I was sorting out the coins in my loose-change jar the other day, and the following thought crossed my head: Is it possible to deduce the number of each type of coin in this pile by simply weighing them?
The coins I were counting were Australian 5c, 10c, 20c and 50c. According to Wikipedia, they weights are:
5c 2.83 grams 10c 5.65 grams 20c 11.30 grams 50c 15.55 grams
But this might be a particularly bad choice of weights for the coins. Since 565 divides 1130, we can't tell the difference (through weighing) between two 10c coins and one 20c coin. It seems that two 5c coins and one 10c coin would be hard to distinguish also.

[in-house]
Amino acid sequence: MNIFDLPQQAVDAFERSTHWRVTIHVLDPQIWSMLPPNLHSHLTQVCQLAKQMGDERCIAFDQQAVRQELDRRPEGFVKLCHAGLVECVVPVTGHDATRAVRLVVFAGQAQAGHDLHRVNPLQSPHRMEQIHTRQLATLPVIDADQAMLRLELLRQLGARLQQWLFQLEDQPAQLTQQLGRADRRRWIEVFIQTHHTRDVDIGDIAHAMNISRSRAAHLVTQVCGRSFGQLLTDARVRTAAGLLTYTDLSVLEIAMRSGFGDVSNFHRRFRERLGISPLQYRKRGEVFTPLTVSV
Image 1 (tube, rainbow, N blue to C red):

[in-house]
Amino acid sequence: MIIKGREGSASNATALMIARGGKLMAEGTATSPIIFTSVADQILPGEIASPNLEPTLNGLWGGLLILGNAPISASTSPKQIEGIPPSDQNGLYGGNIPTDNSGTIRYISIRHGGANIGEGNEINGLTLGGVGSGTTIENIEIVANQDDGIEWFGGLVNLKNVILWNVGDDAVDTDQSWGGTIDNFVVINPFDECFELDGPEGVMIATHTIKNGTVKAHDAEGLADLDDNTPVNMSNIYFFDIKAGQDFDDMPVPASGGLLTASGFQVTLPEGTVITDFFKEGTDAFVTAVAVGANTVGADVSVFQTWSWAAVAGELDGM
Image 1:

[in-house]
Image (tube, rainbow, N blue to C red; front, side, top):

So my question is:
Question: What would be a better way to designate the weights of these coins so that we could (in most cases) uniquely determine the number of each type of coin in a single weighing?
This would be subject to some practical constraints:
- Each coin is a reasonably light, but not too light (e.g. between 2 and 20 grams).
- If A and B are two multisets of coins, and A and B have equal weights, then |A| and |B| should be very large (more than is likely to be in a typical jar).
- The scales do not measure with infinite precision. Coins are not minted with infinitely accurate weights.
- The weights of the coins must differ by a reasonable amount (e.g. by at least 3 grams).